Alzheimer's disease (AD) is a complex, neurodegenerative disease characterized by the impairment of cognitive function in elderly individuals. In a recent global gene expression study of APP transgenic mice, we found elevated expression of mitochondrial genes, which we hypothesize represents a compensatory response because of mitochondrial oxidative damage caused by the over-expression of mutant APP and/or amyloid beta (Aβ). We investigated this hypothesis in a series of experiments examining what forms of APP and Aβ localize to the mitochondria, and whether the presence of these species is associated with mitochondrial dysfunction and oxidative damage. Using immunoblotting, digitonin fractionation, immunofluorescence, and electron microscopy techniques, we found a relationship between mutant APP derivatives and mitochondria in brain slices from Tg2576 mice and in mouse neuroblastoma cells expressing mutant human APP. Further, to determine the functional relationship between mutant APP/Aβ and oxidative damage, we quantified Aβ levels, hydrogen peroxide production, cytochrome oxidase activity and carbonyl proteins in Tg2576 mice and age-matched wild-type (WT) littermates. Hydrogen peroxide levels were found to be significantly increased in Tg2576 mice when compared with age-matched WT littermates and directly correlated with levels of soluble Aβ in Tg2576 mice, suggesting that soluble Aβ may be responsible for the production of hydrogen peroxide in AD progression in Tg2576 mice. Cytochrome c oxidase activity was found to be decreased in Tg2576 mice when compared with age-matched WT littermates, suggesting that mutant APP and soluble Aβ impair mitochondrial metabolism in AD development and progression. An increase in hydrogen peroxide and a decrease in cytochrome oxidase activity were found in young Tg2576 mice, prior to the appearance of Aβ plaques. These findings suggest that early mitochondrially targeted therapeutic interventions may be effective in delaying AD progression in elderly individuals and in treating AD patients.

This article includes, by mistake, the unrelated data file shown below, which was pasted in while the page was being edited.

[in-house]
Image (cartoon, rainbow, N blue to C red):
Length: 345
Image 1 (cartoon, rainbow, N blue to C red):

ASJC Scopus subject areas
- Molecular Biology